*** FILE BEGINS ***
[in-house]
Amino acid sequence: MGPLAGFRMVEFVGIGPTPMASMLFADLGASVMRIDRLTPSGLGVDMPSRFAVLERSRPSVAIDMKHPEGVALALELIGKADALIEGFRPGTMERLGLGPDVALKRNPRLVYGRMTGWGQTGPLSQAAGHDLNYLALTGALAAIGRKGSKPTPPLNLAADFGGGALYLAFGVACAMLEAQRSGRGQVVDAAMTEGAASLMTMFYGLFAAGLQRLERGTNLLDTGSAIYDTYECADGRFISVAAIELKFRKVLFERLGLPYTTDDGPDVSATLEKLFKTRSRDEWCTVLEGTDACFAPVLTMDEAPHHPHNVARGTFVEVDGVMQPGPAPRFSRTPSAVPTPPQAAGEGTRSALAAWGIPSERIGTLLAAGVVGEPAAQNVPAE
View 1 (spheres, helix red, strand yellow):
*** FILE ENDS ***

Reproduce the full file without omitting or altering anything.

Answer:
[in-house]
Amino acid sequence: MGPLAGFRMVEFVGIGPTPMASMLFADLGASVMRIDRLTPSGLGVDMPSRFAVLERSRPSVAIDMKHPEGVALALELIGKADALIEGFRPGTMERLGLGPDVALKRNPRLVYGRMTGWGQTGPLSQAAGHDLNYLALTGALAAIGRKGSKPTPPLNLAADFGGGALYLAFGVACAMLEAQRSGRGQVVDAAMTEGAASLMTMFYGLFAAGLQRLERGTNLLDTGSAIYDTYECADGRFISVAAIELKFRKVLFERLGLPYTTDDGPDVSATLEKLFKTRSRDEWCTVLEGTDACFAPVLTMDEAPHHPHNVARGTFVEVDGVMQPGPAPRFSRTPSAVPTPPQAAGEGTRSALAAWGIPSERIGTLLAAGVVGEPAAQNVPAE
View 1 (spheres, helix red, strand yellow):